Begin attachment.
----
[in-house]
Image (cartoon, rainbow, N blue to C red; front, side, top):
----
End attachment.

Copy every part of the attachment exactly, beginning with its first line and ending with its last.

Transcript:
[in-house]
Image (cartoon, rainbow, N blue to C red; front, side, top):